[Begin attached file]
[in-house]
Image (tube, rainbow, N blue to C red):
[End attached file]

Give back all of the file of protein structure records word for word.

[in-house]
Image (tube, rainbow, N blue to C red):